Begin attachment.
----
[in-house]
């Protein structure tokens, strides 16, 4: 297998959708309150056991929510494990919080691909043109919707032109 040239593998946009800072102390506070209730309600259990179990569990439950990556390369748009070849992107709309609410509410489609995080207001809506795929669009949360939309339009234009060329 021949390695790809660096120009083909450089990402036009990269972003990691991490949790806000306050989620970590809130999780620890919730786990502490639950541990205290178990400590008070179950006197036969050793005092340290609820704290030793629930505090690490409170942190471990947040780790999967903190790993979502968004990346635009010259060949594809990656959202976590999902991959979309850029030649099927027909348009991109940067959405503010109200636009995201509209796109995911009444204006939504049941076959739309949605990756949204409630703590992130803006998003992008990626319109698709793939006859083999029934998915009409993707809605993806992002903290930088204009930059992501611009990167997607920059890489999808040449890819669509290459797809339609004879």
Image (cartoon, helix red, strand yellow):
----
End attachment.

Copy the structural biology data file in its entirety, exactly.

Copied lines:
[in-house]
């Protein structure tokens, strides 16, 4: 297998959708309150056991929510494990919080691909043109919707032109 040239593998946009800072102390506070209730309600259990179990569990439950990556390369748009070849992107709309609410509410489609995080207001809506795929669009949360939309339009234009060329 021949390695790809660096120009083909450089990402036009990269972003990691991490949790806000306050989620970590809130999780620890919730786990502490639950541990205290178990400590008070179950006197036969050793005092340290609820704290030793629930505090690490409170942190471990947040780790999967903190790993979502968004990346635009010259060949594809990656959202976590999902991959979309850029030649099927027909348009991109940067959405503010109200636009995201509209796109995911009444204006939504049941076959739309949605990756949204409630703590992130803006998003992008990626319109698709793939006859083999029934998915009409993707809605993806992002903290930088204009930059992501611009990167997607920059890489999808040449890819669509290459797809339609004879």
Image (cartoon, helix red, strand yellow):